8 Reasons Watchmen Should Be R-Rated (And 7 It Shouldn’t Be Made At All)

It’s something of a testament to Watchmen’s resiliency and resonance that it continues to polarize the comics community over 30 years after its original publication. When it first dropped on the comics world like a nuclear bomb in 1986, it was deemed an instant classic by fans and critics alike. Universally praised for infusing the genre of superhero comics with a level of storytelling sophistication and complexity never before seen in the form, Watchmen creators Alan Moore and Dave Gibbons attained near-godhood in the eyes of a jaded fandom desperate for something more layered and mature. And yet, over three decades later, the series’ stock has fallen noticeably in the esteem of even its most rabid boosters.

RELATED: 7 Reasons Watchmen Will Come To The DCEU (And 8 They Won’t)

Along with Frank Miller’s The Dark Knight Returns, Watchmen has been deemed responsible for an undeniable trend of dark, gritty imitators that neglected to delve beneath the murky surface of either series. With talk of a new R-rated TV series in development at HBO under the guidance of Damon Lindelof recently lighting up the online community, we had to wonder if such a project is even viable. There are ample reasons for and against bringing Watchmen to the small screen, so we thought we’d list them for you and let you be the judge.

SPOILER ALERT! Spoilers ahead for numerous stories published by DC Comics.


When it arrived on shelves in 1986, it was immediately evident that Watchmen wasn’t a comic book meant for kids. Boasting vivid scenes of gory violence and sexual content, the comic blatantly targeted a previously untapped pool of mature readers desperate for a story that would awaken palates deadened by decades of simplistic storytelling and kiddy content. Moore and Gibbons fashioned an emotionally complex world where violent action had actual consequences.

They exposed the all-too human flaws of their masked vigilantes, breaking down the archetype of the superhero into a form that truly mirrored the world outside of our windows. There’s no way a Watchmen TV show couldn’t be R-rated and no better home than HBO for a series featuring so many scenes of violent depravity. To do otherwise would be to dilute the source material beyond recognition or forgiveness.


As we noted in our intro, Watchmen has fallen dramatically in the esteem of many fans and critics. Although heralded for its innovative storytelling and exceptional world-building, the series can no longer rest on the laurels of its "Time Magazine Best 100 Novels" status. In recent years, the series has been identified as a flashpoint for a seemingly endless parade of unnecessarily violent heroes and books more intent on gritty spectacle than structural integrity. In this, many comics missed the whole point of Watchmen.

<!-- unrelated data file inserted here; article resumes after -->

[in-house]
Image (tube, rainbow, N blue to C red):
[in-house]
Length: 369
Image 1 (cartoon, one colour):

The series wasn’t simply about creating a superhero comic for adults. Rather, it was intended to showcase the limitless storytelling opportunities of a marginalized artistic medium by using its unique mechanics and vocabulary. There is a very real danger that a mainstream TV series would fall into the same trap, propagating a watered-down adaptation that eschews sophistication for gratuitous spectacle.


The original Watchmen comic was a deeply layered mystery with several subplots that stretched back decades in its in-story continuity. The motivations of characters like Rorschach, the Comedian and Doctor Manhattan were explored through rich backstories that had lasting repercussions in the present day. Moore and Gibbons manipulated time and space to create a multi-layered plot full of red herrings and unforeseen revelations, each of which pushed the story to its inevitable climax.

In his 2009 film adaptation, Zack Snyder tried but failed to untangle the comic’s many intertwined subplots, fighting an unwinnable fight against the clock (which is kind of ironic when you think about it). What he needed was more time and space to let his story breathe, a challenge easily surmountable on the small screen, due to television’s episodic nature.


Despite its focus on character development and world-building, there is also a fair amount of good ol’ fashioned comic book spectacle in Watchmen. This is a story that takes place during at least two different time periods and on two different planets. Doctor Manhattan’s Martian clockwork fortress alone would bankrupt most TV shows in record time. The budget necessary to bring Watchmen to the small screen would likely eclipse that of Game of Thrones.

The special effects alone would cost an astronomical amount, to say nothing of the period set pieces — and while CGI has come a long way in recent years, fueling dozens of engrossing superhero TV shows, the cartoony effects of The Flash just wouldn’t cut it for Watchmen’s more mature sensibilities. HBO (or any other cable network) would be taking a huge financial risk producing a show of Watchmen’s potential size and scope.